When Pep Guardiola arrived at Manchester City, many expected the Spaniard to catapult the English side straight to the summit. As he had done before with Barcelona and Bayern Munich, Guardiola was now going to conquer England.
The reality turned out to be much different. Guardiola’s side struggled. City battled to stay in the top four in England, eventually finishing third. The club was knocked out in the round of 16 of the Champions League, Guardiola’s earliest exit in that competition. In fact, Guardiola’s first year with City was the only time in his coaching career that he failed to win any silverware.
Guardiola’s issues last season came down to the club’s aging squad, not because Guardiola couldn’t handle the Premier League. As a result, the club spent large sums of money this summer in an effort to give Guardiola the squad he wants. After a few weeks into the new season, it looks like things are paying off. All of this started with new fullbacks.
New fullbacks making all the difference
Manchester City spent nearly £100 million on Kyle Walker and Benjamin Mendy this summer. The fullbacks have allowed Guardiola to field a team that is much more comfortable with his style of play. If you’re not familiar with Guardiola’s style by now, it’s one that relies heavily on possession.
Guardiola uses his fullbacks in a variety of ways, but a key to the position is the ability to get central and win the ball back when needed. This also forces the opposition to bring in their wide players to avoid getting outnumbered in the middle. As a result, Guardiola’s wide attackers have less defensive responsibilities and can create more danger. It’s a Rube Goldberg Machine of tactics where the fullbacks get the ball rolling.
Last season, Guardiola had Bacary Sagna and Aleksandar Kolarov to play fullback. Both players, north of 30, lacked the fluidity Guardiola wanted and as a result, City was unable to really dominate teams in a fashion consistent with Guardiola’s style of play. Now with Mendy and Walker, City have the kind of team that can play a very fluid style that dominates possession. The club has gotten off to a flying start this campaign, and the last three matches have laid down a marker for the rest of the league, and Europe.
City has won their last three matches by a combined score of 15-0. Two league wins and a Champions League win have spirits riding high at the Ethiad. With the new fullbacks, many of City’s star players have been able to find success that eluded them last year. Kevin de Bruyne has turned into one of the League’s best deep-lying playmakers. He spent time against Watford this weekend picking apart the defense and frequently launching attacks. The Belgian assisted on Sergio Aguero’s opener and City didn’t look back.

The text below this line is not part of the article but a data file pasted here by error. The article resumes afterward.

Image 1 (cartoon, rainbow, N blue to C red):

City’s newfound fluidity has allowed players like de Bruyne and David Silva to have more time with the ball and find those perfect passes. When Walker and Mendy push forward to create a front five, for instance, opposition defenses will often sit deep. This allows de Bruyne multiple outlets along with plenty of time to make a decision.
Getting the most out of the front three
Another problem Guardiola faced last year was his somewhat ineffective front line. Gabriel Jesus didn’t join until January and before that, newcomer Leroy Sane struggled to adapt to his new surroundings. A big problem, however, was the poor build-up play. With Sagna and Kolarov struggling to integrate into Guardiola’s system City struggled to score in big games. Against the smaller clubs they had little trouble, but against teams like Chelsea their attack was very static. Now with players that fit Guariola’s mold, City frequently look dangerous, even against some better clubs.
Aguero has been in tremendous form this season. It looked like the Argentine was headed out of City, but since the start of the campaign, he’s already found the back of the net five times in four appearances. Playing alongside Jesus and Sane at times gives Guardiola a front three capable of playing multiple positions. With Raheem Sterling occasionally joining the fray, City has a forward group that has scored 16 goals so far. Again, this all comes back to the fullbacks.
Guardiola now has better passers that can stay wide and get in crosses. The fullbacks can also drift in and create passing triangles to pull players out of position and create overloads. All of this makes for a club that’s hard to defend against.
City winning 6-0 against Watford will raise a few eyebrows, but Guardiola’s demolition of Liverpool the week before will really get the league’s attention. Guardiola showed flexibility in a 5-0 win against the Reds and displayed similarities to Guardiola’s first league meeting with Jurgen Klopp in 2013. City played direct and countered Liverpool’s pressing with a press of their own, forcing Klopp’s team into making mistakes. Aguero opened the scoring quickly after Liverpool lost the ball. Things went downhill for Liverpool after that when Sadio Mane was sent off.
There is still a long season ahead. City has to maintain their style of play in the face of stiff competition. Their main rival looks like it will be Guardiola’s longtime nemesis, Jose Mourinho. Things could go pear-shaped for City if injuries (a common problem with Guardiola’s teams) start piling up or if the club becomes too complacent. But if Guardiola can keep Manchester City focused, and playing well, things could be awfully rosy in Manchester this May. Blue roses, naturally.